1. Lift Others Up – “Conquering enmity toward our brothers and sisters, esteeming them as ourselves, and lifting them as high or higher than we are.”

“Pride is ugly,” Benson said. “It says, ‘If you succeed, I am a failure.’” But the first way we can choose humility over pride is by lifting others up. This can be hard, especially with those who are our competitors. We don’t have to do anything crazy like telling potential customers that their product is better than ours, but we can do simple things.

For example, we can congratulate them on a successful product launch or we can invite them onto our podcast and learn from each other’s experiences.  Seeing and valuing them as the humans they are and treating them with kindness and respect lifts both the competitor and me.  

2. Accepting Criticism – “Receiving counsel and chastisement.”

There was once a teacher and spiritual man who was focusing on a particular mantra. He heard of a hermit nearby and couldn’t pass up the opportunity to teach. He went to the island where the hermit lived.

They shared some tea and the teacher asked about the hermit’s spiritual practice. The hermit told him the mantra he repeated to himself all the time—the same mantra the teacher had been studying. The teacher was thrilled to learn it was the same one, but he noticed the hermit was pronouncing it incorrectly. The teacher taught him the correct pronunciation, and the hermit humbly accepted the correction.

Soon after the teacher left. As he was sailing away, he was startled to see the hermit walking on the water out to meet him. The hermit said, “Will you tell me that pronunciation again? I want to make sure I’m saying it correctly.” The teacher said, “You clearly don’t need it.” The hermit insisted, and the teacher told him again. As he walked across the water back to the island, the hermit repeated it to himself over and over (Source: Medium).

The teacher in this story assumed he knew better than the hermit because of his education. In sharp contrast, the hermit was willing to accept new teaching even though he was in tune with his spirituality enough to walk on water. 

Accepting criticism is a sure-fire way to diminish pride, and the hermit accepted the teacher’s correction without a second thought. 

The important part is how we receive criticism. There’s a balance between rejecting all of it and accepting all of it; however, we should always look at criticism with an open mind, wanting to improve when appropriate. 

3. Forgive – “Forgiving those who have offended us.” 

“Then came Peter to him, and said, Lord, how oft shall my brother sin against me, and I forgive him? till seven times? Jesus saith unto him, I say not unto thee, Until seven times: but, Until seventy times seven.” (KJV Matthew 18:21-22)

Then came peter

Forgiveness is often mistaken as a feeling, but it is actually a choice. Just as we can choose to be humble, we can choose to forgive. It’s hard to go to someone who’s wronged us and forgive them but we have to remember that it doesn’t have to mean we’re saying what they did was okay or that we’re going to trust them again.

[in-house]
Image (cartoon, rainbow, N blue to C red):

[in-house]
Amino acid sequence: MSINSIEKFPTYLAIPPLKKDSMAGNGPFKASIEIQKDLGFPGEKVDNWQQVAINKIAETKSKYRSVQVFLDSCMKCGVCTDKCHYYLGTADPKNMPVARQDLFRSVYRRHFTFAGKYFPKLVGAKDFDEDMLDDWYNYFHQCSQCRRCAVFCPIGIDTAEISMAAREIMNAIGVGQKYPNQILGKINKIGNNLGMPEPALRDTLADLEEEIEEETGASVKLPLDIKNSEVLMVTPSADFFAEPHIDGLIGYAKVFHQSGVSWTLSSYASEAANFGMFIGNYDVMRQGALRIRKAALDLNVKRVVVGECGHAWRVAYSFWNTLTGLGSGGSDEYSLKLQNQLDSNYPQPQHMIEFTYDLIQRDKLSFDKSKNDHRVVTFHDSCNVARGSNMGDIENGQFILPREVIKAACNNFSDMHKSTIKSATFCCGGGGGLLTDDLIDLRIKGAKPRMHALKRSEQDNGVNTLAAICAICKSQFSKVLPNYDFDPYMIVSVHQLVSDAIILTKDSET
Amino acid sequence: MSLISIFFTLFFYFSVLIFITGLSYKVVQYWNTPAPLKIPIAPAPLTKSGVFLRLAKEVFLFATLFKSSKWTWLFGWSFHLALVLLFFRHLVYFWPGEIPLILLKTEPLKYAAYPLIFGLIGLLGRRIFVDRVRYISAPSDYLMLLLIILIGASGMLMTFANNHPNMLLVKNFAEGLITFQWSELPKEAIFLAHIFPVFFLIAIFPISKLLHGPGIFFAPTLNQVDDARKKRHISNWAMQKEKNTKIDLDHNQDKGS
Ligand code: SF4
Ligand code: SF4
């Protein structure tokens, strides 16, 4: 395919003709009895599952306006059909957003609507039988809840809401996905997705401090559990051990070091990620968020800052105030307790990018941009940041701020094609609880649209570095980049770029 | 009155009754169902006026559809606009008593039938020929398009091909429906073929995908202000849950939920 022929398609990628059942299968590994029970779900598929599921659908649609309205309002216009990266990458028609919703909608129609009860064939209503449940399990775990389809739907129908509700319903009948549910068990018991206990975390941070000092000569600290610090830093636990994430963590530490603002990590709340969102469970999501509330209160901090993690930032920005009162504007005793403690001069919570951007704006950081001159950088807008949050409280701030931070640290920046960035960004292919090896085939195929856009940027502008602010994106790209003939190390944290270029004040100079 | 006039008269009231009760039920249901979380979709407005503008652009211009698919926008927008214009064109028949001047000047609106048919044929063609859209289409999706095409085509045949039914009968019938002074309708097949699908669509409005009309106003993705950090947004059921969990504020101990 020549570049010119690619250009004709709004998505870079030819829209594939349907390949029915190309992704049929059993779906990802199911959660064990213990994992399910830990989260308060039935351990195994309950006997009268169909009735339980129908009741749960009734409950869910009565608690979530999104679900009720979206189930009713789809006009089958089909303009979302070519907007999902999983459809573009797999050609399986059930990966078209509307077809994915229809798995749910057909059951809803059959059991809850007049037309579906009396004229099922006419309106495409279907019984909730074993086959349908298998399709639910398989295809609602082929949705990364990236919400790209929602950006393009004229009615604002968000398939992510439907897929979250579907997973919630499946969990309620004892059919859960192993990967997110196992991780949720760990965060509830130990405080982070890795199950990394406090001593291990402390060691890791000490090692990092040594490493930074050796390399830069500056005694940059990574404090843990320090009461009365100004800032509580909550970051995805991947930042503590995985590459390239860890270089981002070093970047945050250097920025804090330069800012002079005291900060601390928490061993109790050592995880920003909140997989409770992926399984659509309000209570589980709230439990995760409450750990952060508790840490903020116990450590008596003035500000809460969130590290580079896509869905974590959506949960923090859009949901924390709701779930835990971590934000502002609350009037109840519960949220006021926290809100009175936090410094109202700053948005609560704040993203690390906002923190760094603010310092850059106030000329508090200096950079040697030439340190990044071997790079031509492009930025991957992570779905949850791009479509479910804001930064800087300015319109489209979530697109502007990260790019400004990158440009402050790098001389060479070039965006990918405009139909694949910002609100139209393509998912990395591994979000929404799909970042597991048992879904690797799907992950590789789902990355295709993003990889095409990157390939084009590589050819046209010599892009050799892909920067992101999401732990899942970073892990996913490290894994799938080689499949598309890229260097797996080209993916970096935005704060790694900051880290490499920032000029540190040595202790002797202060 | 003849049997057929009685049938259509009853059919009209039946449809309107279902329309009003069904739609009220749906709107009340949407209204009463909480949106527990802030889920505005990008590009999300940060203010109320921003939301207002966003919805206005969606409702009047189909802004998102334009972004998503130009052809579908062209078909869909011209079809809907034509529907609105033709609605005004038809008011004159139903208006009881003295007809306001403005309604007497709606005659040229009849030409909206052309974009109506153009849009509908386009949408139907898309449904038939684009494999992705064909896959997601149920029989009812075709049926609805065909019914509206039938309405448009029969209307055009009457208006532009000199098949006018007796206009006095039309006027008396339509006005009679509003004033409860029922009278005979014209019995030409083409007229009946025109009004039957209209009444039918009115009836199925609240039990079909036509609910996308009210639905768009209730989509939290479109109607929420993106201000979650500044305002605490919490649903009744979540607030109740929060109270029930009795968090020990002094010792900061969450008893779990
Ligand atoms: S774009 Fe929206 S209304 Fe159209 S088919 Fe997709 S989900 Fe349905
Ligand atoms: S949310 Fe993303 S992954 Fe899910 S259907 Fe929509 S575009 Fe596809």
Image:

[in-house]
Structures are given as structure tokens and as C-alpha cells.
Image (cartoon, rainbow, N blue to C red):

4. Serve – “Rendering selfless service.”

While pride has us focus on ourselves, service allows us to think about others first. It takes our attention away from our successes or failures and forces us to be concerned about someone else and their welfare.

We can perform service in our personal lives and in our businesses. There are many companies that donate a portion of their profits to charity or match donations of customers or employees. If we’re just starting out with our business, we may not have the resources to do things like this, but we can still give back in our own way through something like encouraging our team to volunteer.

5. Change – “Confessing and forsaking our sins and being born of God.”

Most people don’t like being wrong, and they especially don’t like admitting they were wrong. It takes a lot of humility to admit and confess we’ve messed up. But admitting we were wrong is the first step to becoming better and to not making the same mistake again.

Our teams deserve explanations and apologies when we do something wrong. It will help us grow closer to them and build trust with each other. In turn, they won’t be as afraid to come forward and work toward resolution when they make a mistake.

6. Choose God – “Loving God, submitting our will to His, and putting Him first in our lives.”

The last way we can choose humility is to put the Lord’s will before our own. If we strive to do this, we will naturally do many of the other items in this list because He asks us to do things like lift others, forgive, and serve. If we are putting Him and His will first, it will be easier to combat pride and choose humility.

Key Takeaways

Here are some of my key takeaways from this episode:

1. Pride can cause the destruction of many things that we treasure.

2. Pride gets pleasure out of having more of something than someone else. . . . It is the comparison that makes us proud.

3. One of the antidotes for pride is humility.

4. We can either choose to be humble or we can be compelled to be humble.

5. We can choose to be humble by lifting others, receiving criticism, forgiving, serving, admitting our mistakes, and putting God’s will above our own.

Next Steps

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    About the author

    Nathan Gwilliam

    Nathan Gwilliam

    I help organizations navigate tectonic shifts that are transforming the business landscape, so they can optimize marketing, accelerate profits, and make a greater difference for good.